Fernando Alonso won Le Mans 24 Hours at the first attempt as he and team-mates Sebastien Buemi and Kazuki Nakajima finally ended Toyota’s long drought.
Toyota had never won the sportscar race despite years of trying but finally delivered in an event in which they were effectively without opposition.
via Fernando Alonso wins Le Mans 24 with Toyota – BBC Sport
Even though Toyota were effectively unopposed, I was still nervous for them. It’s still not an easy thing to make a car take that punishment.
I am pleased for the Toyota team and that Alonso can try for the ‘Tripple Crown’ with a win in Indy 500.
According to British railway lore, the “slip coach” was born when a rail official was riding in a train car that came an unexpected stop. The rest of the express train kept going while his carriage glided to a gentle halt in front of a midway station. As the story goes, the coupling chain broke…
via Slip Coaches: Back When British Express Trains Detached Passenger Cars at Speed [ARTICLE] — 99% Invisible
The hovertrain, it was hoped, would speed passengers from London to Glasgow in little more than two hours at speeds of up to 300mph. It would revolutionise long-distance travel and consign conventional trains to the history books. But the vision never materialised. In 1975, little more than five years after construction started, the test track was demolished and the project was unceremoniously mothballed.
via The strange tale of the hovertrain, the British hyperloop of the 1970s | WIRED UK
While reading a history of timepieces, I learned that features a watch performs – above and beyond telling the time – are known as complications. A complication can be a calendar date, alarms, lunar phase etc. Apple too, refers to apps for the Apple Watch as complications.
I suppose it comes from a time where watch makers were competing on features and wanted to draw attention to the mechanisms and engineering that powered these complications. Perhaps an inside joke into the extra effort they caused.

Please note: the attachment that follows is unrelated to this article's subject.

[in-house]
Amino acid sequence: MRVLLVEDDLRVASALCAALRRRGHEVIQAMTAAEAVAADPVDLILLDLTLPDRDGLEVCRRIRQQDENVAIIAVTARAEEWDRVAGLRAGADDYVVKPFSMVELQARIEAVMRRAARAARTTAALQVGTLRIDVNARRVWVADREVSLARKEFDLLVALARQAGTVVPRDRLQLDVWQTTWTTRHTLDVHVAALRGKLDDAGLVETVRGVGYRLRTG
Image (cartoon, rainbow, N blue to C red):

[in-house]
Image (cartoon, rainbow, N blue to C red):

Response to Daily Prompt: Complication.
A 1996 Wall Street Journal article that’s been quietly sitting on the web, waiting for its rediscovery and renewed relevance, has found its moment on Twitter this week. Though it discusses the contemporaneous issues and concerns of its time, if you extract the particular problems it identifies with the internet and apply them to our present day, you’ll find something disturbing: nothing’s changed. The core concerns that troubled us about our participation in online communities and services in 1996 are basically identical in 2018.
via The internet’s problems haven’t changed in 22 years – The Verge
World renowned physicist Stephen Hawking has died at the age of 76.
He died peacefully at his home in Cambridge in the early hours of Wednesday, his family said.
The British scientist was famed for his work with black holes and relativity, and wrote several popular science books including A Brief History of Time.
via Stephen Hawking: Visionary physicist dies aged 76 – BBC News
Whenever I was in Cambridge I always hoped to catch a glimpse of him around, now – assuming time is linear – I’m sad that won’t happen.
A remarkable human. Stephen Hawking RIP.
On Tuesday, Feb. 6th at 3:45 PM ET, Falcon Heavy successfully lifted off from Launch Complex 39A at Kennedy Space Center in Florida. Falcon Heavy is the most powerful operational rocket in the world by a factor of two, with the ability to lift into orbit nearly 64 metric tons (141,000 lb)–a mass greater than a 737 jetliner loaded with passengers, crew, luggage and fuel.
via Falcon Heavy Test Launch | SpaceX